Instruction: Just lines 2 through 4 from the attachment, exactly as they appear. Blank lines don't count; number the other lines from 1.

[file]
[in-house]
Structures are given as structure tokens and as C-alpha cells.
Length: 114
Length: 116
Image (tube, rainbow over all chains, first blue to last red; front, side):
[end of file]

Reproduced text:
Structures are given as structure tokens and as C-alpha cells.
Length: 114
Length: 116